Accepted, Wait-Listed, Declined Admissions: A Round Up of Our Posts

Here’s a round-up of our some of most popular posts on selecting a school if your child is admitted, what to do if you child is wait-listed, being denied admission and hiring an educational consultant to help get your child off the wait-list. Please note that Porcha Dodson, Beyond The Brochure co-author tells us that schools only use email to send good news acceptance letters or wait-list letters. Most schools don’t send declined admission emails, but prefer to send letters by regular mail.

Waiting For Admissions Letters by Jenny Heitz

Good News: How To Choose

0/X: What’s Next When You Don’t Get In?

Confronting Rejection: When Your All Isn’t Enough

Tips For If Your Child Is Wait-Listed

Hiring An Educational Consultant To Go From Wait-Listed To Accepted

Choosing A School: Every School Tells A Story Part 1

Choosing A School: Every School Tells A Story Part 2 by Jenny Heitz

Wait-listed at Wildwood by Samantha Goodman

 

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Christina Simon: Los Angeles, California, United States I'm the mom of a daughter (15) and a son (12) who attend Viewpoint School in Calabasas. I live in Coldwater Canyon with my family and a rescue pit bull, Cocoa. Contact me at csimon2007@gmail.com

10 thoughts on “Accepted, Wait-Listed, Declined Admissions: A Round Up of Our Posts

  1. Is a good financial aid package still an option if you have been placed on the wait list and then later offered a space?

    1. Hi MP, that’s a good question and I’m not entirely sure, but I’d imagine that if a school knows you need financial and and they accept your child (wait list or not) they would offer you the financial aid to make it possible for you to attend. Otherwise, they would be offering you a space you can’t pay for. – Best, Christina

  2. Soooooooo glad the wait is over! We applied to 5 schools for 2 children . We were accepted at 3 and waitlisted at 2. I feel so fortunate that things worked out for us. I had my doubts, attempting to transition from public school, but it all worked out! Thank you for your insight!

  3. Hi Christina! I just wanted to thank you for your blog. I have been reading it for a couple of years now. It is truly helpful when you are trying to maneuver through this stressful process. My child was waitlisted at our #1 school and we only applied to two. But we did get good news recently and got accepted to our 1st choice! I beleive we were extremely lucky considering I had no one to write letters of recommendation ( because I just recently started meeting families that actually went to the school), I didn’t use an educational consultant, and it’s very political sometimes. We are extremely happy and would just like to thank you for starting this blog! Very awesome!

    1. Hi Terri, thank you for the nice comment! I’m so thrilled your family got a spot at your first choice school. Congratulations! It’s so exciting to get the good news after such a long process. Have a great summer! -Christina

  4. Hi Christina,
    This blog is so helpful! It’s been my bible throughout this process. Admissions letters have not gone out yet, but I received some advance news from my preschool director that my child will be waitlisted at our first choice. She said they do want our child, but they have to accommodate others first (which doesn’t sound very nice, but I guess that’s the process…) Is there anything I should do during this last week before D Day? Or should I wait until I receive the official letter and then reiterate to the school that we would accept if offered a spot and also have a board member/friend (who already write a letter for us) give an extra nudge? Would love to know what you think!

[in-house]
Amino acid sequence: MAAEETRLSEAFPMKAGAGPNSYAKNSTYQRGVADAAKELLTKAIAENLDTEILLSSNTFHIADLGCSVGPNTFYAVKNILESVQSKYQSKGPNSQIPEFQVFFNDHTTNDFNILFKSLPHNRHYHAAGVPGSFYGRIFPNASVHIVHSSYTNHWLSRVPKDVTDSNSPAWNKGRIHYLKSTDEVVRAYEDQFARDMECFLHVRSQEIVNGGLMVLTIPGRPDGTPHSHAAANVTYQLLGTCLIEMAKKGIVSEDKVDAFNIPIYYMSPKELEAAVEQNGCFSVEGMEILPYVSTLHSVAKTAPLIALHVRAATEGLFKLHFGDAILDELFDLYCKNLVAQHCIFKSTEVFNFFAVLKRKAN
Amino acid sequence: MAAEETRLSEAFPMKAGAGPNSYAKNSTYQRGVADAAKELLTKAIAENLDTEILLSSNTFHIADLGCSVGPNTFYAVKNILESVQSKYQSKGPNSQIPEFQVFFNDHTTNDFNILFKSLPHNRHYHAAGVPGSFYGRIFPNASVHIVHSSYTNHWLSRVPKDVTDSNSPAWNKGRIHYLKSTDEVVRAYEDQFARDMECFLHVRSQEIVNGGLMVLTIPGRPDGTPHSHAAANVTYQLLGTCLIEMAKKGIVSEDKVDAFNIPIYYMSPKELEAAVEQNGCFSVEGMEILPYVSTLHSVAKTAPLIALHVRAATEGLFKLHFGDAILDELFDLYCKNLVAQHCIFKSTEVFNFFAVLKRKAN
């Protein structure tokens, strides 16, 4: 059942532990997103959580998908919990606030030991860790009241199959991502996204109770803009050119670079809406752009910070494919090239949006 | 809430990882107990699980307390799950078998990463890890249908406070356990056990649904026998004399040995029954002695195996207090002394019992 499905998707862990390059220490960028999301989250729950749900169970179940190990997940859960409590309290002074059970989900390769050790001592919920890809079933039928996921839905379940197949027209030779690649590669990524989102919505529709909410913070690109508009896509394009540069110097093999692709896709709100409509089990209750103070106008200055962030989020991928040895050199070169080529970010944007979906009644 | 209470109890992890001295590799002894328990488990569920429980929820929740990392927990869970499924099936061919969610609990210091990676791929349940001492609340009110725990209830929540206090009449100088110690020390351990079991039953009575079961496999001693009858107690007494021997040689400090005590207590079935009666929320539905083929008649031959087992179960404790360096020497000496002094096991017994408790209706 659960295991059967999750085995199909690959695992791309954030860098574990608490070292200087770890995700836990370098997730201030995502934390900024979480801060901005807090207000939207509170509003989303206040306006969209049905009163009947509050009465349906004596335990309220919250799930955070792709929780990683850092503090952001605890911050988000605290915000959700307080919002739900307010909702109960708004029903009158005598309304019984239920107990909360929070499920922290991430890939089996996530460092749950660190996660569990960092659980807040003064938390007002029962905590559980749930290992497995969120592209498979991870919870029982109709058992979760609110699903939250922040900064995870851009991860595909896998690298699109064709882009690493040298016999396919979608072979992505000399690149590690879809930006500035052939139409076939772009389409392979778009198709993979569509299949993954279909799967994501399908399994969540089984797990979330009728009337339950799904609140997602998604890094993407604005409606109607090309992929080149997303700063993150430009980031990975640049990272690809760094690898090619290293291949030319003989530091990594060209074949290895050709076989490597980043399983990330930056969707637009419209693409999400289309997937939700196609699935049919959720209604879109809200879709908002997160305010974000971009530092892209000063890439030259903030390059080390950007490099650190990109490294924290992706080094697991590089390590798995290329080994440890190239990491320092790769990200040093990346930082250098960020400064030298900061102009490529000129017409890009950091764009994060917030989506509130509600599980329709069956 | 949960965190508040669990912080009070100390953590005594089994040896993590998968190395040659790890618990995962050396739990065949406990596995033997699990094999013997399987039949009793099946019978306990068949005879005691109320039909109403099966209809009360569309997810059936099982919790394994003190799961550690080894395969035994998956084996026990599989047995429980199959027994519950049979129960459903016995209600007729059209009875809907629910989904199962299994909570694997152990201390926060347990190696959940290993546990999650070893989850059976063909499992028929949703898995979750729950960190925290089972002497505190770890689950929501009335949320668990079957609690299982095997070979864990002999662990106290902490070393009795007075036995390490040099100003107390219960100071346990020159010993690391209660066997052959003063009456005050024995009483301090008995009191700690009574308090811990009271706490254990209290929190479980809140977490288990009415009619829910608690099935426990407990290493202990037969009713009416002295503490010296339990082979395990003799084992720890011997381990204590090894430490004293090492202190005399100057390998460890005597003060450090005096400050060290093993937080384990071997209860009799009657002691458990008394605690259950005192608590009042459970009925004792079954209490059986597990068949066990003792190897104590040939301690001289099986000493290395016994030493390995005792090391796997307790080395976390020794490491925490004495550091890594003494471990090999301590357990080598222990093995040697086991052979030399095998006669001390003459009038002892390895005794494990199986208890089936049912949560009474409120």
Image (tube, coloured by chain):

1. Hi Anonymous, Anne thinks you should try to have your board member friend “innocently” call whoever their contact is (AD, Head of School) just as a check-in before letters go out. I also think that since you have a great contact on the board and it is your first choice school, you should definitely make the effort. You might ask your friend what he/she thinks is the best approach for this school and whether you should communicate that it is your first choice. Perhaps the wait-list message you’re getting is due to a lot of siblings or maybe the school isn’t sure whether you’ll accept a spot. But, anything you can do to prevent being wait-listed is worthwhile. Good luck!

  5. We started this process with such high hopes for our daughter. We had her IQ tested and scored very high. We were recommended to three schools with fabulous academics which were also my choices from my own research

    I felt really in line with what was best for our daughter and a good fit for our family.

    We applied to four schools and have been wait listed by all of them. It has been a difficult couple of weeks. We have reached out to our top choices, had our preschool director reach out to them and tomorrow we are speaking with a consultant. I feel naive because I was completely blindsided by the lack of an acceptance. We are keeping my daughter in mind and continuing the process.

    I didn’t plan on anything but a private school and now I feel a little lost.

    Your blog has been a great help.

    1. Hi Jen, you’re definitely not the only mom who is dealing with wait-lists. But, that’s no consolation when it’s your kid, I know. Trust me, I’ve been there. I don’t know where you applied, but it may be very possible to get a spot off the wait-list at one or more of the schools. You just never know what can happen. Some schools have wait-lists that open up! Hang in there!–Christina

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